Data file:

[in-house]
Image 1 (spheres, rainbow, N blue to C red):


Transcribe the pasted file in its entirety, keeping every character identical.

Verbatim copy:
[in-house]
Image 1 (spheres, rainbow, N blue to C red):